Philippines Needs Federalism

One of the biggest mistakes made by those who take a fanatical approach to geopolitics, is thinking that there is a one-size-fits-all political solution to different countries, with different histories, different contemporary needs and different problems which require solving. In Syria for example, a federal constitution could result in lingering sectarianism within a medium sized country that requires a unifying, non-sectarian, pluralistic central government to make a Syrian identify the overriding national identity, as opposed to a multitude of violently competing sectarian identities.

For Russia, many have praised the federal model for allowing a compromise between the inclusive pan-Russian identify embraced even by patriotic non-ethnic Russians and ethnic Russians alike, while allowing for regional matters to be addressed by regional bodies.  However, some in Russia, including opposition Presidential candidate Vladimir Zhirinovsky, seek to return Russia to the unitary state it was prior to 1917, by restoring local units which correspond to Tsarist era guberniyas, which Zhirinovsky believes more accurately correspond to regional identities than do the units of the overly complicated post-Soviet federal system.

In Philippines, there are unique issues facing a large state whose island composition means that various regions are literally physically detached and consequently politically remote from one another. Because of this, some regions have become wealthy and influential, while others have been left behind by years of mismanagement and neglect.

President Rodrigo Duterte’s flagship drive to federalise the country seeks to correct these highly pronounced regional differences. Beyond economic divides, federalism could forever settle the issue of the Muslims in Mindanao, who for decades have rebelled against central authority from Manila. Duterte has gone a step further, in stating that if his federal project is not approved, he will nevertheless work to give Moro (Muslim) areas in the south, a degree of autonomy.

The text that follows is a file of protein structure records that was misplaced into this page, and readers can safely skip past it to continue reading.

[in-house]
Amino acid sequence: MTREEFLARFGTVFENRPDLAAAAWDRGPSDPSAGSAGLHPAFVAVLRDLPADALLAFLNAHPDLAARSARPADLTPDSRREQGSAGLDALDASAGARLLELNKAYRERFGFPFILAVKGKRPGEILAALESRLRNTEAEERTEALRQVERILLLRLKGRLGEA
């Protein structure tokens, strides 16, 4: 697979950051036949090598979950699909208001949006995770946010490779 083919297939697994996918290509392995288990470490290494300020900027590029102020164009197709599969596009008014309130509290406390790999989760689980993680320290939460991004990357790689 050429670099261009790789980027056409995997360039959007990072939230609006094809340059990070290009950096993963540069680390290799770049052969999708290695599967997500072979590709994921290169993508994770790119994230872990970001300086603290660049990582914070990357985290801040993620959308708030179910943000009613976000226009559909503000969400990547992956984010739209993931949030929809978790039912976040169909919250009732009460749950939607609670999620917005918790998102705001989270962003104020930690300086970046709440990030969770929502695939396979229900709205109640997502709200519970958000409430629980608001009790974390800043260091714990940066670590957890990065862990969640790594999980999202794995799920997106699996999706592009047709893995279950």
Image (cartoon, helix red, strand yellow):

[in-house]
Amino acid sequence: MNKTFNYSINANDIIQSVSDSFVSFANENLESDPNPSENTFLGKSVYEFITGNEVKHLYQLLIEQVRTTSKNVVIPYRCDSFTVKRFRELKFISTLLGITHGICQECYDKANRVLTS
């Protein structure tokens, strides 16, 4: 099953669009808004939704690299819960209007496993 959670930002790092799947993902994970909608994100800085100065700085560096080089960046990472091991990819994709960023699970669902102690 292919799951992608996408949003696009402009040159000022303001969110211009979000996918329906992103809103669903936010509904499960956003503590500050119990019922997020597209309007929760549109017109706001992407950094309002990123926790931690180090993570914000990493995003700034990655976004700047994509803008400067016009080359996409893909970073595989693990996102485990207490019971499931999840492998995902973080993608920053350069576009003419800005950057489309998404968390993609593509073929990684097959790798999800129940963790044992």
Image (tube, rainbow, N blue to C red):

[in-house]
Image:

Duterte’s progressive, economically egalitarian and peace minded proposals have naturally met with opposition. Sadly, much of this opposition skirts the real debate and simply accuses Duterte of trying to enhance his power. In reality, far from enhancing his power, a federal solution takes power away from the President and Congress, leaving their hands free to concentrate on making the international trade deals, security cooperation deals and other regional and global interactions that are necessary in an economy that is one of the top ten fastest growing on earth.

Duterte’s hands on approach when he was the mayor of Davao has helped him understand that the issues on the streets of cities and regions, are best left to those with first hand experience, who have to literally live with the consequences of their decisions. The fact that many of the northern elite look down upon Duterte due to his origins in humble Davao, is likely another reason these same elitists oppose Duterte’s federal solution for a modern country. Federalism could also help to break the power of corporate and political oligarchs whose control over the country Duterte has pledged to end.

As countries become more powerful, wealthy and influential, it is important for the national leadership to think globally in the interests of their people, while patriotic men and women inside the country act locally based on the needs, desires and characteristics of the people in their cities and regions. In this sense, Duterte’s plan readies Philippines for its new role as one of the leading countries of ASEAN, with a clear multi-polar and wide reaching vision of international partnerships in Asia and beyond.

Duterte has even stated that if met with consistant opposition, he is willing to compromise by introducing a hybrid-federal model based on the “One Country – Two Systems” model that China has employed in respect of the local autonomy in Hong Kong and Macau. This demonstrates not only that Duterte is an open minded leader, but one who is willing to take cues from the most successful country in Asia and the wider world, China.

Sadly, the Liberal opposition to Duterte are so intent on poisoning the political debate in Manila and beyond, that they are accusing a man who is proposing a limitation on his national power, of wanting to be a dictator. Either the Liberals are incredibly stupid or incredibly naive.

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